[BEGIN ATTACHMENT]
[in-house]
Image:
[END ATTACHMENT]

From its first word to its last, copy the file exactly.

[in-house]
Image: